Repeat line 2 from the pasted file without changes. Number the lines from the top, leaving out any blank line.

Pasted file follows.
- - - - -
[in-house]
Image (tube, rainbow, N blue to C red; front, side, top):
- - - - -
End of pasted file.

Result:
Image (tube, rainbow, N blue to C red; front, side, top):